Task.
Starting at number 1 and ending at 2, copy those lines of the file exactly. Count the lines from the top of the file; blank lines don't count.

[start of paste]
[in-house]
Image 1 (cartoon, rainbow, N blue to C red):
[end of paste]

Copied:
[in-house]
Image 1 (cartoon, rainbow, N blue to C red):